Collins Comments 12 May 2004
By Judith Collins
The Foreshore and Seabed Bill
The Foreshore and Seabed Bill has turned into a huge mess for the Government. The decision of the Court of Appeal was essentially that Maori could bring claims in the Maori Land Court as to ownership of the seabed and foreshore. Instead of lodging an appeal with the Privy Council - which the Government would have been expected to do - it couldn't bring itself to do so. Having brought in legislation to get rid of the Privy Council, the Government decided to tough it out. Since then there have been at least 5 different policies from Labour on this issue. The Government's initial reaction that the Crown does and will continue to own the foreshore and seabed was right. Unfortunately for New Zealand, the Government backed down and ended up in a precarious deal with NZ First, which pleases no one.
Will NZ First stick with the Government on this? I wonder. Already, there were indications last week, on the first reading of the Bill, that NZ First was having second thoughts.
What else could Labour have done? The sensible thing would have been to have talked to National last year when the issue first arose. Unfortunately, Labour lost the opportunity to show leadership on this issue and instead embarked on a round of hui with iwi. The hui clearly did not have the desired effect and in the meantime, the vast majority of New Zealanders including Maori not invited to the hui, felt slighted and left out of the equation.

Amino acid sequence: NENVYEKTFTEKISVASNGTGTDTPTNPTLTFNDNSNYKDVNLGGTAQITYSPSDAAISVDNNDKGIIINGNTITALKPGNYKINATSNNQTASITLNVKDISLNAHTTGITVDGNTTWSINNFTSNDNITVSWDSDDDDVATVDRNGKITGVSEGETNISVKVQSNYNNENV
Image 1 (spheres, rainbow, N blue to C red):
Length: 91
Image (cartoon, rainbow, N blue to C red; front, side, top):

Should the Prime Minister have met the hikoi? I believe so. By failing to do so, by talking to a sheep in preference to 20,000 people, and by condemning those involved as haters and wreckers, an opportunity to show statesmanship was lost. By telling Maori one thing and the rest of New Zealand another, this government has encouraged a sense of grievance that will not easily be overcome. So, at this stage, Crown ownership is to be maintained with customary rights and "ancestral connections" able to be claimed giving what has been described as a virtual veto right over any development including marine farming.
Customary right to an area of the foreshore or seabed can
be claimed by both Maori and non-Maori. However, the
criteria to qualify for a customary right is such that only
Maori are likely to qualify. Ancestral connection to an
area of the foreshore or seabed can be claimed by iwi
through the Maori Land Court. What right do non-Maori have
to appear in the Maori Land Court to oppose the claim?
Absolutely none. The Maori Land Court is for Maori only.